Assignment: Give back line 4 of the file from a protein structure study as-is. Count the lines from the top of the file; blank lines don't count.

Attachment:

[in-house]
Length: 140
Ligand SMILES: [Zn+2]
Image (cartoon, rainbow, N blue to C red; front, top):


Image (cartoon, rainbow, N blue to C red; front, top):